How to Get Started with Investing
I have a confession. I’m not an investment advisor.
That’s a deliberate choice. Many years ago – October 19, 1987, to be exact – I watched global stock markets fall more than 20% in one day. The Dow Jones Industrial Average (DJIA), an index of the most widely traded stocks on the New York Stock Exchange, fell by nearly 22%.
In the carnage that followed what became known as Black Monday, I decided the last thing I wanted to do was to manage other people’s money. Managing my own was hard enough.
Over the years, I’ve managed to save some money, hopefully enough to secure a comfortable retirement. This issue describes what I’ve done right – and wrong. I hope you’ll find it useful, especially if you’re a beginning investor.
Let’s start by focusing on what I did wrong.
Letting others manage my money. There are some outstanding money managers in the world. Unfortunately, all the ones I’ve worked with personally have lost money. One investment manager trading options and futures in a managed portfolio lost one-third the value of the funds I invested in three months. Another manager lost 20% over five years. A third who focused on junior natural resource stocks lost 30% – during a bull market in commodities, no less.
Buying stocks. Money managers will tell you that the long-term performance of stocks beats virtually every other investment. For instance, between 1928 and 2011, the DJIA rose at an average rate of 9.3% annually. That’s impressive, but unless you have a very long time horizon, much of your return depends buying at the right time. For instance, if you bought DJIA stocks in 1929, you wouldn’t have broken even until 25 years later, in 1954. More recently, from 1998 to 2008, the DJIA lost an average of 0.6% annually. As a result of these trends, and my personal experience losing money on most stocks I’ve purchased, I’ve cut my exposure to stocks anywhere in the world to less than 1% of my portfolio.
- Not paying enough attention to fees. Many types of investments require that you pay stiff fees when you buy, sell, or redeem an investment. In many cases, those fees are poorly documented or can change without notice. A few years ago, I purchased a foreign annuity. There was a 3% front-end fee, which I paid with some reservations. I paid another 2.5% annually to have the investment “managed.” And when I sold, I had to pay liquidation fees amounting to about 5% of what I had left. Without the fees, I would have come close to breaking even. With them, I lost 25% of my initial investment.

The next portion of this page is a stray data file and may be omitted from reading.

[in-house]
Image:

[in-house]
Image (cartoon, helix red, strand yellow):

Fortunately, not all of my investing experiences have been bad. Here’s what has worked for me.
Holding cash. By cash, I mean cash in all of its forms, starting with physical cash. A great way to start investing is to keep a stash of physical cash in a safe place at home. I recommend keeping enough physical cash on hand to pay the bills for at least two or three months. What’s more, if there’s ever a financial collapse that causes widespread bank failures, you may not have access to your bank account for weeks or even months. Your account might even be bailed-in. Instead of getting your money out the bank, you get worthless stock back. That’s what happened to bank depositors in Cyprus in 2013. And bail-ins could be coming to the US as well. Keeping physical cash close at hand means you can avoid the worst effects of this type of calamity, at least temporarily.
Buying gold. In 2003, I inherited some money from my father. I used half of it to purchase a substantial position in gold, at an average price of around $400/ounce. After my purchase, gold prices rose to nearly $1,900/ounce and subsequently fell below $1,200. Gold is worth just over $1,200 today. I was lucky. Despite purchasing a large quantity of gold all at once, the value of my investment tripled. A safer strategy is to dollar-cost average your gold investments; buy it in installments over an extended period, not all at once. For instance, if you plan to purchase $10,000 worth of gold, invest the same amount each month until you get to $10,000. This is a great strategy to purchase any investment, because you automatically buy more when prices are lower and less when prices are higher. It’s the exact opposite of what most other investors do.